One might say that the human desire to earn and to belong has not been a part of the approach and the result is that a polarised labour market has been paralleled by a polarised politics.
In seminar one it was also argued that the supply of a skilled and valorised workforce required non-pecuniary institutions which fostered reciprocity as well as contractual exchange and central redistribution. In a market society the institutions required to sustain the virtue necessary for the reproduction of a productive society are deemed a constraint on liberty. Karl Polanyi developed the paradox that in terms of economic productivity, ‘pre-modern’ vocational institutions are a precondition of sustaining competitive productive practices. The post-was West German economy was sited as an example of this.
The meaning of vocation is itself a challenge to the assumptions of modernity. First it assumes a tradition of practice inherited from the past and transformed in each generation by changes in knowledge, technology and practice. In that sense, it is not entirely owned by the individual in the form of a career, but is joined by means of an apprenticeship. The distinction made in the 1830’s between a profession and a vocation was decisive in the degradation of vocation as a practice. Professions required an extensive apprenticeship, induction and acculturation combined with control over labour market entry. Sustained areas of national excellence; medicine, law, dentistry and even accountancy were elevated in their status through legal recognition of the practices validated by the partnership between universities and professional associations and recognised by the state. This was the not the fate of skilled manual labour whose status was abolished and whose conditions were deregulated.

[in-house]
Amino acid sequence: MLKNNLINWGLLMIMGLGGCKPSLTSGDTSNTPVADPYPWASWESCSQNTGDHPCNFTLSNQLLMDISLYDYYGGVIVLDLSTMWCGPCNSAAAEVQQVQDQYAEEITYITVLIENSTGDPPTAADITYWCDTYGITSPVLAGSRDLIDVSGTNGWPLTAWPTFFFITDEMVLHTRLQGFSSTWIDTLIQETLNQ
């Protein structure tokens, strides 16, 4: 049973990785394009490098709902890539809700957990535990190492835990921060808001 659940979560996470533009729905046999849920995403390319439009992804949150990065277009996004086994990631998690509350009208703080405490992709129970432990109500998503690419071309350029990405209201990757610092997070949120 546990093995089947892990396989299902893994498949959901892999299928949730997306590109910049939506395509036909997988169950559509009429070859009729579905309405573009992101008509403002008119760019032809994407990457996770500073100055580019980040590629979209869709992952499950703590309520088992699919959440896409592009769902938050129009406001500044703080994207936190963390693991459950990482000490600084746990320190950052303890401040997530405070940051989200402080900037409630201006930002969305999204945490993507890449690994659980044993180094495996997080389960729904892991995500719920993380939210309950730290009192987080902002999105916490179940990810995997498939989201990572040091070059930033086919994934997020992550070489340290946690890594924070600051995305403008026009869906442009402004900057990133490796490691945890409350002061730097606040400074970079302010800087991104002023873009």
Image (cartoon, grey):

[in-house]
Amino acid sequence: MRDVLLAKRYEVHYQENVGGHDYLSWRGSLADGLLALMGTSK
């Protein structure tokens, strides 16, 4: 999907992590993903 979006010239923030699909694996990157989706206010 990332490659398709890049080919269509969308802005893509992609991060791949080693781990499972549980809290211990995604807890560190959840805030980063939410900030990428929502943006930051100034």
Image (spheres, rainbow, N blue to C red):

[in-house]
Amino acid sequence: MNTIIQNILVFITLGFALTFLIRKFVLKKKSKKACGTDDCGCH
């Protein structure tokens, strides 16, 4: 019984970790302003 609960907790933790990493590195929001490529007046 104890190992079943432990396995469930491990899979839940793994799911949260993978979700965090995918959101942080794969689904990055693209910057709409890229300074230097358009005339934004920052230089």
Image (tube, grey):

The Professions renew their knowledge and innovate by assimilating change into an existing practice and body of knowledge. The degree of expertise and specialism is incapable of being grasped by a centralised state, change is based on internal rather than external judgement, but it is also incapable of being sustained by a contractual economy alone. It requires institutions which preserve and renew the inheritance embodied in them. It resists the commodification of the practice and the person. That is what is meant by an inheritance that bestows a status and an advantage over others who do not possess it. In our scheme, it embodies the principle of reciprocity through which mutual benefit is sustained over time through mutual contribution to a common institution that sustains knowledge and status. Vocational institutions preserve bodies of knowledge and patterns of structured co-operation by adapting to the demands of external change in terms of technology, administrative rules and knowledge by translating those external dangers and possibilities into a communicable language of skills and practices. They facilitate a comprehensible adaptation to a changed environment. Vocational institutions, characterised in this way are, what Aristotle called ‘embodiments of human meaning and purpose’, an active means of integrating new knowledge with existing practice, translating information into knowledge of a specific practical kind.